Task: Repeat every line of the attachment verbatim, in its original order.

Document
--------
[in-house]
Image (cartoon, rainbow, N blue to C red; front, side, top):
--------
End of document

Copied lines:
[in-house]
Image (cartoon, rainbow, N blue to C red; front, side, top):